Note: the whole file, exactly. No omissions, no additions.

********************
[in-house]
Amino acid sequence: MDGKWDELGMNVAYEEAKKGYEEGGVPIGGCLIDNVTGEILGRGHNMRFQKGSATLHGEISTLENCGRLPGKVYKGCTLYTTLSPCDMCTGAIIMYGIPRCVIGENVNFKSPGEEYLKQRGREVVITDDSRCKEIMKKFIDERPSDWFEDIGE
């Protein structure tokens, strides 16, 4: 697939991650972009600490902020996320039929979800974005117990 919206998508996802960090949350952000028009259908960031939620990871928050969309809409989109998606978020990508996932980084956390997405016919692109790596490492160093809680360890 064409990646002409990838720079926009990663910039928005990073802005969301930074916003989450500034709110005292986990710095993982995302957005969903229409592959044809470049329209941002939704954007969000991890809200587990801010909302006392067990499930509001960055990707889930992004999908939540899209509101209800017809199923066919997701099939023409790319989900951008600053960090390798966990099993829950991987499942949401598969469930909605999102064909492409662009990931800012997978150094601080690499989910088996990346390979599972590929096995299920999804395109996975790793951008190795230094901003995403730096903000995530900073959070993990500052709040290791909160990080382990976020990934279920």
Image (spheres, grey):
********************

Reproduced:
[in-house]
Amino acid sequence: MDGKWDELGMNVAYEEAKKGYEEGGVPIGGCLIDNVTGEILGRGHNMRFQKGSATLHGEISTLENCGRLPGKVYKGCTLYTTLSPCDMCTGAIIMYGIPRCVIGENVNFKSPGEEYLKQRGREVVITDDSRCKEIMKKFIDERPSDWFEDIGE
């Protein structure tokens, strides 16, 4: 697939991650972009600490902020996320039929979800974005117990 919206998508996802960090949350952000028009259908960031939620990871928050969309809409989109998606978020990508996932980084956390997405016919692109790596490492160093809680360890 064409990646002409990838720079926009990663910039928005990073802005969301930074916003989450500034709110005292986990710095993982995302957005969903229409592959044809470049329209941002939704954007969000991890809200587990801010909302006392067990499930509001960055990707889930992004999908939540899209509101209800017809199923066919997701099939023409790319989900951008600053960090390798966990099993829950991987499942949401598969469930909605999102064909492409662009990931800012997978150094601080690499989910088996990346390979599972590929096995299920999804395109996975790793951008190795230094901003995403730096903000995530900073959070993990500052709040290791909160990080382990976020990934279920």
Image (spheres, grey):